6 Tips for Introducing a Therapy Pet to Someone With Depression
Studies have shown pets are an effective way to manage depression, particularly for people who have found other methods like medication and therapy to be ineffective up to this point. For supporters of people with depression, it’s important to understand the first days and weeks after getting a therapy pet are crucial for determining whether the therapy pet will be effective. It’s up to supporters to ensure everything goes smoothly. Done right, a therapy pet can be a way to help people with depression find hope and a way forward. Done wrong, it can potentially cause a spiral. Here are some tips for having a smooth transition:
1. Let others in the house know what is about to happen and why.
It’s not unusual for people with depression to have families who live with them. Often depression is hidden from family members, but this is a time when clear communication is required. It’s a great opportunity to talk to all members of the family about why mommy or daddy is feeling sad and what you’re about to do to help it. Talk to them in a language they understand. For older kids and teenagers, it’s an opportunity to be direct about mental illness and how close to home it can be.
2. Set up clear rules with other family members.
Particularly for smaller children, a new animal in the house is an exciting time. But remember this opportunity is about how to treat people with depression. This is primarily about the person with depression, not the kids getting a present. Set clear rules about when they can play with the animal and definitely make it clear in the early transitional days, they cannot monopolize the animal. This will make bonding between the person with depression and their therapy pet easier and will also help the animal settle in.
3. Pick the right time and place to adopt the animal.
Pounds and shelters can be busy places. There can be a lot of people there at the same time, all after the same thing. This can cause some competition between potential adopters! This can be overwhelming for the person with depression and might make them feel like they are not important. Some may want to give up and go home. Call the shelter ahead of time, explain the situation and find out when the quietest day and time to get there. This will also give the person with depression time to ease into the situation and make the right choice.
4. Allow the person with depression to choose the animal.
It is important for the person with depression to feel a connection with the animal they are going to take home. Step back and let them assess for themselves. It’s OK to check on logistics — like saying no to a big dog in a small house — but apart from that, it is important not to be judgmental and question their choices. They need to feel like they have some control, because they are making an important choice for them. This is their time to take control over the management of their depression. This is exceptionally important. If they are not sure what’s right for them, staff at the shelter will have some great tips about animals that will work well.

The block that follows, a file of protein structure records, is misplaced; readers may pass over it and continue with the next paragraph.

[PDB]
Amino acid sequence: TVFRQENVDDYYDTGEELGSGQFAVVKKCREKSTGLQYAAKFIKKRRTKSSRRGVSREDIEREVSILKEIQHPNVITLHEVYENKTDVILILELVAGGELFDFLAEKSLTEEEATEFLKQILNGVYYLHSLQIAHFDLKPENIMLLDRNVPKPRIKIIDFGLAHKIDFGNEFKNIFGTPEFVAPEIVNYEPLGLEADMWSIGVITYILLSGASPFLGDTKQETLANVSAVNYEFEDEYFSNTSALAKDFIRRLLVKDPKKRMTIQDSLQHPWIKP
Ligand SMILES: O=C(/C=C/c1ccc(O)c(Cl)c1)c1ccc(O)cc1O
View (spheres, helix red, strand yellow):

5. Plan the first few days.
The first few days are crucial, and this is where all the planning comes into play. Allow as much time as possible for the person with depression and the animal to be alone together, in order to bond and feel comfortable with each other. This is a good time to remind smaller children in particular about the rules set earlier. Any disruption in these first few days could make the animal nervous and this in turn can make the person with depression feel as if they have been rejected, everything is hopeless, nothing will work and why bother with any type of therapy at all. This is the spiral you want to avoid. Plan activities for other people in the house and let the person with depression signal when it is time for others to get involved. Remember above all, this is their time and an opportunity to take control over their mental illness. It is not a time for others to disrupt or disturb this process.
6. Introduce other family members slowly.
Do this slowly and take your cues from the person with depression. If they feel others in the house are monopolizing the animal’s time or they are being pushed out of the way, listen or look out for behaviors signaling a depressive spiral. You will have to play this by ear and use your observation skills, but the very last thing you want is for the person with depression to withdraw when everyone else is taking over with the animal. This is another crucial point and missteps could lead the person with depression to feel like it’s not their animal anymore. It may also confirm the feelings they are not important and no one is thinking of them. Not to mention, an animal around the house could be a very visual reminder of failure to find a way to help manage their depression.
If bonding has been effective, the person with depression and the animal will be drawn to each other. The animal may have even picked up on signals you haven’t and you may see them spend time with the person with depression when they sense something is wrong. At other times, if you see the person with depression starting to drop, it’s a good time to leave them alone with the animal, reinforcing their bond. Often, animals can be more of a comfort and better listeners than humans. Low points are often the times people with depression are used to being alone or have people avoid them. A therapy pet can ensure in some way, they don’t have to be alone.
Remember above all this is for the benefit of the person with depression. In many cases, a therapy pet is a late or last resort and may feel like the last option left available. Ensuring the first few days and weeks are carried out with this in mind will not only assist an effective depression management therapy, it can also teach others about caring for people with mental illness.
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